2. An etrog of orlah, of impure terumah, and of tevel is unacceptable. [An etrog] of d'mai is permitted, for it is possible for a person to declare all of his property as ownerless. Thus, he will be a poor man who is permitted to eat d'mai. An etrog of pure terumah and of ma'aser sheni in Jerusalem should not be taken, lest one cause it to become susceptible to contracting ritual impurity. However, if it was taken, it is kosher.

3. A lulav whose tip becomes cut off is unacceptable. Should it become split to the extent that the two sides of the split become severed and appear to be two, it is unacceptable. If it is bent forward so that its shidrah appears like a hunchback, it is unacceptable. If it is bent backwards, it is kosher since that is its natural pattern of growth. If it is bent toward either side, it is unacceptable. If its leaves have separated one from the other, but they have not begun to hang downward like the top of a date palm, it is kosher. However, if its leaves have burst open and they hang down from the shidrah as does the top of the date palm, it is unacceptable.

4 The natural pattern of growth of the leaves of the lulav is that two grow in pairs, connected at their back. The back of each pair of connected leaves is called the tiyomet. If the tiyomet is split, it unacceptable. Should a lulav's leaves grow individually from the beginning of its formation without having a tiyomet, it is unacceptable.

When a lulav's leaves do not grow on top of the other like all lulavs, but rather one below the other, [the following rules apply:] If the top [of the lower leaf] reaches the base of the one above it so that the entire shidrah of the lulav is covered with leaves, it is kosher. If the top [of the lower leaf] does not reach the base of the one above it, it is unacceptable.

5 A myrtle branch whose top is cut off is acceptable. Even though most of its leaves have fallen off, it is kosher, provided three leaves remain in one row. When there are more berries than leaves, [the following rules apply:] If they are green, it is kosher. If they are red or black, it is not acceptable. If one reduced their number, it is acceptable.

We may not reduce their number on the holiday itself, because [by doing so, one] makes [the myrtle] fit for use. If one transgressed and removed them or removed them one by one to eat them, it is kosher.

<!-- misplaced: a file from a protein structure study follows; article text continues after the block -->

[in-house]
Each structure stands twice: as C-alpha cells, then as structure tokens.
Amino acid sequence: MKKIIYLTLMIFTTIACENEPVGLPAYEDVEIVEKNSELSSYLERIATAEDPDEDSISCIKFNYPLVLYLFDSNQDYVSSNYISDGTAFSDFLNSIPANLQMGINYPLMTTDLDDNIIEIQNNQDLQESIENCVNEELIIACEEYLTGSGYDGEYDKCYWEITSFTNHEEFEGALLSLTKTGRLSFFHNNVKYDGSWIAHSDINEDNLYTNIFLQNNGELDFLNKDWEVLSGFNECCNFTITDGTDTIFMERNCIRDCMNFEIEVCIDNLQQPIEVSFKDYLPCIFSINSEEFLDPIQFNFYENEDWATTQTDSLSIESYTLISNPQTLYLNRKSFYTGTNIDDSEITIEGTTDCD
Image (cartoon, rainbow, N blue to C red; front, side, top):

6 A willow branch whose top is cut off is kosher. If its leaves have burst open, it is not acceptable.

7 If an etrog is perforated from side to side - no matter how small the hole is - it is not acceptable. When [the hole] does not go from side to side, if it is the size of an isar or more, [the etrog] is not acceptable. If [a hole was made in an etrog which caused] even the slightest amount [of the etrog] to be missing, [the etrog] is not acceptable. If its pitam - i.e., the small protrusion from which its flower grows - was removed, it is not acceptable. [Similarly,] if the stem from which it hangs from the tree is removed from the etrog itself and a hole is left, it is not acceptable. If it becomes covered with bumps in two or three places, it is not acceptable. Even if it is covered with bumps in only one place, if that place covers the majority of the etrog's surface area, it is not acceptable. [Similarly,] if a bump grows on even the slightest portion of the pitam, it is not acceptable. If its peel is removed without causing [the etrog] to lose any substance and it remains greenish yellow as in its natural state, [the following rules apply:] If the peel was entirely removed, it is not acceptable. If even the slightest portion of the original peel remains, it is kosher.

8 An etrog which is inflated, decaying, pickled, cooked, black, white, spotted, or green like a leek is unacceptable. If it was grown in a mold and shaped into the form of another creation, it is unacceptable. If its natural form was preserved, even though it was shaped in different layers, it is kosher. Two etrogs that grow joined together, and an unripe etrog are kosher. In places where the etrogs grow naturally with a slight black tinge, it is kosher. However, if [the etrogs] are very black - i.e., like a Kushite - they are unacceptable everywhere.


9 All the species which we categorized as unacceptable because of the blemishes we described or because they were stolen or taken by force are [disqualified for use] only on the first day of the festival. On the second day of the festival and on the other days, they are all kosher. Those which are disqualified because of the association with idol worship or because the etrog is forbidden to be eaten are unacceptable both on the first day and on the later days.